Replying to this edit summary... What does our text say? Consumption of pornography has shown to possibly encourage aggressive action as well. What does the cited source say? Whether pornography consumption is a reliable correlate of sexually aggressive behavior continues to be debated. - hum... And this was published in which medical journal? None, but on a communications one... Like the other sources, it would seem. There are other problematic sentences which would probably not be so if only they were properly attributed and contextualized, such as Hyper-sexualized or pornographic media is often attributed with perpetuating aggressive behaviors - what does the source say? In contrast to the earlier meta‐analysis, the current results showed an overall significant positive association - so it's not all studies that have said so in the past? Ok, moving on: Media depictions of violent sexual activity are also noted to increase behavioral aggression. and the source? The summary demonstrates a homogeneous set of results showing that pictorial nudity reduces subsequent aggressive behavior. humm, ok? that media depictions of violent sexual activity generates more aggression than those of nonviolent sexual activity. The implications of the results for theoretical approaches to understanding the impact of pornography receives discussion, as do the limitations of such findings. hum, doesn't seem to be what our text says, at least not exactly. Who published this anyway? Seems to be a master thesis. And none of the authors seem important, unlike those of the first article (which, by the way, is more than 10 years apart from the second one). Let's move on on our text, shall we? Sexualizing imagery surfaces and reinforces misogynistic beliefs in some instances. This is attributed to the same source which seems to say the exact opposite regarding images, though we do say "some instances" on our text, but ofc don't mention which instances. You see the point I'm making? The way it was written this paragraph seems like a fruit salad of unrelated sources from which only some contextual information was extracted as to make a point, though they discuss other aspects in ways that are even contradictory to what our text indicates, and there is not enough information as to the relevance and contemporaneity of each source (the oldest one claims to revamp previous analysis, while the new ones say nothing about it - do they agree, or is the 20 year old so outdated it's not even mentioned anymore?) And so on and so forth. Saturnalia0 (talk) 05:30, 27 March 2018 (UTC)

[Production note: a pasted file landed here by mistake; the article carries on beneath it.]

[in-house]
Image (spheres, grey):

Tying India's rape crimes to hinduism is unjust.[edit]